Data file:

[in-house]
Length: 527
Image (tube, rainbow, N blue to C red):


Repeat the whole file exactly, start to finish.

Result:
[in-house]
Length: 527
Image (tube, rainbow, N blue to C red):